Moreover, features like identity resolution and data enrichment allow you to deduplicate records, fill gaps in your data, and consolidate it to create a customer 360. This coherent and centralized repository of data provides a better understanding of the multi-channel customer journeys. 

Additional Read: The Relevance of Composable CDPs – Marketer’s POV

  1. Data Activation

The next difference between CRMs and CDPs lies in how you can use customer data present in the system. As mentioned above, CRM contains data that can’t be standardized and is stored in your vendor’s infrastructure. This makes sending your CRM data to other tools in your tech stack difficult. 

As a result, customer data remains within the bounds of your CRM. Its access is limited to sales, support, and marketing teams, who use it to inform their customer-facing decisions, such as providing support and closing deals. 

Unlike CRMs, CDPs let you sync all customer data, including customer-360 profiles and segments, to any destination platform in your infrastructure. You can send data to email automation software, analytics tools, an advertising platform, etc. Since customer profiles are readily available to all stakeholders in the organization, they can be used for various purposes, including creating tailored marketing campaigns, personalizing content, and implementing effective sales strategies.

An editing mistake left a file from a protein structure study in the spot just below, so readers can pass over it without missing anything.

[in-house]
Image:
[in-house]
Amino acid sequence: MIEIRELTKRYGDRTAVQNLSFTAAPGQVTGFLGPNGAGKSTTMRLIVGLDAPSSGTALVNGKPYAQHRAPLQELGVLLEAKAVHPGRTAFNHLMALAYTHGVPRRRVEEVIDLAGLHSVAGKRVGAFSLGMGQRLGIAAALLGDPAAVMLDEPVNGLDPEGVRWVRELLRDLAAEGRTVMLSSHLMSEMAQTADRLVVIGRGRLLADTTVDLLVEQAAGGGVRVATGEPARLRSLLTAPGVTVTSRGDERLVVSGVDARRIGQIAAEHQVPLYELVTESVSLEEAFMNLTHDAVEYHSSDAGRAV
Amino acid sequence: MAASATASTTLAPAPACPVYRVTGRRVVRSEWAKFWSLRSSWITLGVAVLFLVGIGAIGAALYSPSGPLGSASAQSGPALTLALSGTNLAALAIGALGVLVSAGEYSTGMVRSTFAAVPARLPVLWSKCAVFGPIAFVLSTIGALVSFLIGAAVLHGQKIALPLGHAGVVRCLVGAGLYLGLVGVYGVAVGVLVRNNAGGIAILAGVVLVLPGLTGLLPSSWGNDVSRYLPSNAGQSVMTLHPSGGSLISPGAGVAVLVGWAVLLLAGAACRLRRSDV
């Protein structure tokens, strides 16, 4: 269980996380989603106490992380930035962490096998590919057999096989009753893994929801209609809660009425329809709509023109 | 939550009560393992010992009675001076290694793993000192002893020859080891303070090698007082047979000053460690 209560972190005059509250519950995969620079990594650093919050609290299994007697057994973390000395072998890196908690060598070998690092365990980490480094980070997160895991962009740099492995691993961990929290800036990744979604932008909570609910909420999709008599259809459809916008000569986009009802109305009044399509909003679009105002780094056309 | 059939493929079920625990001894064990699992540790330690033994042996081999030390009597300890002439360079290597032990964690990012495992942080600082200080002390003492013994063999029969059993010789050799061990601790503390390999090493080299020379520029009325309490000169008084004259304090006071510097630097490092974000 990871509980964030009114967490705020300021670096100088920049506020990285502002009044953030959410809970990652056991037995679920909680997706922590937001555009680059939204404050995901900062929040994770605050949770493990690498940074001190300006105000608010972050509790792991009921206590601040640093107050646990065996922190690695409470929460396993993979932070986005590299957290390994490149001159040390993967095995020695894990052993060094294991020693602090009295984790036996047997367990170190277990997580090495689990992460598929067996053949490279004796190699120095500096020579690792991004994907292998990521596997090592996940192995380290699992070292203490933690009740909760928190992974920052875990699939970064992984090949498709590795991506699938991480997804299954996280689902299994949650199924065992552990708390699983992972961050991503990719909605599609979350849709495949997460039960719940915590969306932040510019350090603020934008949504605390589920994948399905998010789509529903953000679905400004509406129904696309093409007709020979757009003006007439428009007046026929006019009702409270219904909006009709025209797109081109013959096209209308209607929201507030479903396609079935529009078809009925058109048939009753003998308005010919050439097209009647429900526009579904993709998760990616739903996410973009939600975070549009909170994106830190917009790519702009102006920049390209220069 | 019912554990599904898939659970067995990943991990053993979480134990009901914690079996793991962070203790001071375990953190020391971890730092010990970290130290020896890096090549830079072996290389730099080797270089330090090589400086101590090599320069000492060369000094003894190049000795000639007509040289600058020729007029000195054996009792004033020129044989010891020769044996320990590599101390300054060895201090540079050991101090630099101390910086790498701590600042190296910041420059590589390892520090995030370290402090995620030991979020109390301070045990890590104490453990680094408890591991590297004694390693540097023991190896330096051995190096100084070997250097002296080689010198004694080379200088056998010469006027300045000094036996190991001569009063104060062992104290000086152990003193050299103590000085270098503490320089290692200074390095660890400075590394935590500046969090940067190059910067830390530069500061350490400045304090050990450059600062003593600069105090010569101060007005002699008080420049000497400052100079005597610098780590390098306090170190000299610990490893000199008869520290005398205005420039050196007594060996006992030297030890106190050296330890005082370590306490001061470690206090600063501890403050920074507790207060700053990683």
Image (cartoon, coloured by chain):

composable CDPs

  1. Data Governance

CDPs and CRMs also differ in how they tackle a brand’s data governance. CRMs as a business application category have been around for decades now. That means most renowned CRMs are from a pre-privacy era and often lack proper data governance features. 

Even those with data governance or privacy-focused features are just an afterthought and a move in response to regulations like GDPR and CCPA. So, you as a business have a bigger role to play, be it defining policies or integrating security mechanisms.

However, CDPs represent a newer generation of data platforms. They come with tools that let you implement data governance mechanisms out of the box, including consent management, role-based access role, data retention policies, and more.

On top of that, a composable CDP even grants you more control over data by storing everything in your data warehouse. This allows you to decide exactly what data to store, to what extent, and where to sync it.

Which One Is a Better Solution for You?

The final decision isn’t about choosing between these two solutions. Instead, it’s about finding an effective way to use CDP and CRM together. You can continue using your CRM system to manage customer relationships, track leads, and inform sales decisions. 

However, CRM can no longer be your ultimate source of truth when it comes to customers because it simply isn’t. That’s where you’ll need a CDP, which can sit on top of your data warehouse, collect all kinds of customer data, create customer-360, and push it downstream to your apps, including CRM. 

If you want a CDP that delivers all these benefits, turn to EasyInsights. It lets you collect user behavior and event data. You can also unify data from ad platforms, CRMs, analytics tools, and more to get a complete view of your customers. 

Book a demo today to see EasyInsights in action!

Additional Read: The Ultimate Guide to Successfully Integrate Your CRM With Google Analytics